The Manchester Evening News reckoned Healey had been a little impatient, especially as he was president of the club, and pointed out that the directors had gone to some lengths to come to terms with him. But the truth was that Newton Heath were more than £2600 in debt and that was only going to get worse before it got any better.

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Manchester Evening News Press Clipping 19th March 1902

The bankrupcy of one of footballs leading clubs caused a sensation. Nevertheless, the directors put on a brave public facem insisting that it did not mean the end of the club. A few good gates might solve the problems they argued, as long as the creditors did not press too hard. Under immediate threat was Saturdays fixture againt Middlesborough at Clayton. Ther were assurances that the game would go ahead as planned and even on the Friday evening the Manchester Evening News informed its readers that the match was on (press clipping above). Unfortunately, the football league and the official receiver intervened and, in an unprecedented step, closed the ground and postponed the fixture.

In the meantime captain Harry Stafford began a campaign to raise the money. Their next fixture, away to Bristol City, was threatened and if the money could not be raised for travelling expenses then the game too would be called off. Quite where that would have left the club us anyone's guess, but its fair to assume two postponed fixtures would have meant the end of Newton Heath. The club was probably 24 hours odd extinction. But the money did come in, not in vast quantities but enough to keep them going.

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Team photograph for the 1901-1902 season (not great quality)


In this season Newton Heath changed their club colours again, this time the white shirts and blue shorts were replaced by red shirts and white shorts. The name of Newton Heath was not liked by all, they had left their home in Newton Heath 9 years previously, and following the reorganisation of the Club many called for a name change. Manchester Central was suggested, but it was decided that it sounded too much like a railway station, also suggested and rejected was Manchester Celtic, then a Mr Louis Rocca hit upon the name Manchester United. The name had been suggested before but had not met much support, but this time it stuck and on Saturday 26th April 1902 Newton Heath became Manchester United.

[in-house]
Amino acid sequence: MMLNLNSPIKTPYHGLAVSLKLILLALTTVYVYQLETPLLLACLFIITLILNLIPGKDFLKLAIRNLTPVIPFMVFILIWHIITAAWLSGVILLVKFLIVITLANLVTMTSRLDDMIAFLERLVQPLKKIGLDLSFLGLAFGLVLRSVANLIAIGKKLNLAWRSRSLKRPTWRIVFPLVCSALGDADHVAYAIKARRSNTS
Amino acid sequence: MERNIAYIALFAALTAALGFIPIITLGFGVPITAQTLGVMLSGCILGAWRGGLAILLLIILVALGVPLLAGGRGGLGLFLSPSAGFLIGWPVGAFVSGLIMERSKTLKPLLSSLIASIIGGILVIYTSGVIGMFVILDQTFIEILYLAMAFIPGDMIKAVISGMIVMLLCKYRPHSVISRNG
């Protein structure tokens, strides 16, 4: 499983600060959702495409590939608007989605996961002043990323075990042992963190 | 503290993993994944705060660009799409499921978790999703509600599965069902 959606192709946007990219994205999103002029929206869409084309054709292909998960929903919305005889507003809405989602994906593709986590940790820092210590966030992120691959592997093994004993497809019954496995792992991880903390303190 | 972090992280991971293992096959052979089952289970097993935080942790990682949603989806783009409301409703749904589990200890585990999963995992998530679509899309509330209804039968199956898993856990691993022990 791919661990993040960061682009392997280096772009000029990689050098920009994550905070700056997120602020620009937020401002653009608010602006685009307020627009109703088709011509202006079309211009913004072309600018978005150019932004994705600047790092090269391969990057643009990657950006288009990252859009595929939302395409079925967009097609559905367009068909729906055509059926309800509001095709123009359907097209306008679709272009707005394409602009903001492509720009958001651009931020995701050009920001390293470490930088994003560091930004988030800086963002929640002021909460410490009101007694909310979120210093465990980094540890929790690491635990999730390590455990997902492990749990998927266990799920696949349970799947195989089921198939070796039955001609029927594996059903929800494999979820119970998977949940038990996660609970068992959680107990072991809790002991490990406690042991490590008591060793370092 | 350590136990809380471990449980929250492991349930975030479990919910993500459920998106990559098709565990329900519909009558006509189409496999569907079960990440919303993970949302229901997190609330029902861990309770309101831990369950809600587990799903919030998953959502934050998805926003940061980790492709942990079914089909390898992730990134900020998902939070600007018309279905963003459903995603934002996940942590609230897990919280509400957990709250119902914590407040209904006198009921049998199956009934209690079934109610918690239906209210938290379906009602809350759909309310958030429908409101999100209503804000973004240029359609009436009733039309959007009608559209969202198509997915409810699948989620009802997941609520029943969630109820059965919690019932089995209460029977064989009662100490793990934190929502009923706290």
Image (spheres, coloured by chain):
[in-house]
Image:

This must have pleased many of the visiting teams and supporters who for years had been showing up for games at the old Newton Heath only to find a dilapidated and empty pitch, and then had to dash across town to arrive minutes before the kickoff.

Season Statistics 1901-1902



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Top goalscorer all competitions 1901-1902 season Stephen Preston

Preston signed professional for the club in 1901 and played for Manchester United until he was sold to Stockport County in 1904. He made his debut on 07/09/1901 versus Gainsborough Trinity (at Bank Street) which United won 3-0.

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Rare photograph of the first ever team photo sold on a badge of Manchester United (1902)

Manchester United was born!


To be continued ....